"They knew or should have known that the taser or Electronic Control Device had been effective in subduing Mr. Hernandez after he was tased the first time. Yet, they failed to use any other restraint attempts with non-deadly force, such as the use of the taser the second time, physical restraint, or the use of other control devices such as pepper spray, batons, and specialty impact munitions," the lawsuit states.
Numerous examples of "deliberate indifference" on the part of Chief McMillan and the city with regards to the inadequacies of the policies that protect the public from the use of excessive force by police are alleged in the lawsuit.
The department has failed to provide proper psychological "testing and/or treatment" for officers to determine which were prone to use "illegal and/or excessive force" so that employees who posed a risk of harm to citizens could be "retrained, dismissed, or transferred," the lawsuit states.
Chief McMillan, "either knew or should have known," that officers within the department were the subjects of, "numerous disciplinary violations," and that the wrongful death of Hernandez was the result of, "a deprivation of specific constitutional rights," that had been occurring to other residents before his killing on May 9, the lawsuit states.
As a result, McMillan failed to implement a training program for officers with the Salinas Police Department that would have prevented the killing of Hernandez.
The lawsuit alleges that McMillan and the City of Salinas tolerated the use of excessive force and unlawful deadly force, and that they covered up previous violations of citizens' Constitutional rights. This includes their failure to properly investigate previous reported incidents of the use of excessive force, and failing to properly investigate and discipline officers engaged in unlawful activity.
McMillan and the City failed to, "properly evaluate and monitor its own internal affairs policies," the lawsuit states, and that they allowed or encouraged, "a code of silence," among police department personnel, where officers did not provide, "adverse information," against fellow officers or other members of the department.
Another allegation is that the department, "allowed and/or encouraged," officers to file incomplete police reports, and to, "make false statements, intimidate, bias and/or coach witnesses to give false information, and/or attempt to bolster officers' stories, and/or obstruct or interfere with investigations of unconstitutional or unlawful police conduction, by withholding and or concealing material information."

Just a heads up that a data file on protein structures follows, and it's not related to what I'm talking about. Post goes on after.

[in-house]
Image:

McMillin also tolerated inadequate procedures for investigating complaints of officer misconduct, according to the lawsuit, and the procedures for handling complaints of officer misconduct were improper under California code. Additionally, McMillin failed to take, "necessary remedial action," after improper police conduct had occurred.
The lawsuit states that the policy at the time of the killing of Hernandez, which was set by Chief McMillin, was that all SPD officer involved shootings were investigated by police officers and co-workers within the department, which does not provide for, "a meaningful objective internal review," of officer misconduct.
2014 Salinas Police Killings
Angel Ruiz, killed on March 20, 2014
Officers who killed him: Sergeant Mark Lazzarini, Officer Daniel DeBorde, and Officer William Yetter, all of the Salinas Police Department.
Osman Hernandez, killed on May 9, 2014
Officers who killed him: Sergeant George Lauricella and Officer Derek Gibson, both of the Salinas Police Department.
Carlos Mejia-Gomez, killed on May 20, 2014
Officers who killed him: Sergeant Danny Warner and Officer Josh Lynd, both of the Salinas Police Department.
Frank Miguel Alvarado, killed on July 10, 2014
Officers who killed him: Sergeant Brian Johnson and Officer Scott Sutton, both of the Salinas Police Department.
Jaime Garcia, died after being tased by Salinas Police on October 31, 2014
|Frank Alvarado Sr. speaks about his son Frank Alvarado, who was killed by Salinas police on July 10, 2014.|